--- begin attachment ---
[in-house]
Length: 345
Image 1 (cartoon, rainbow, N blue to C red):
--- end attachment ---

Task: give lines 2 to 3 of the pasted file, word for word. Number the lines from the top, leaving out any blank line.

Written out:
Length: 345
Image 1 (cartoon, rainbow, N blue to C red):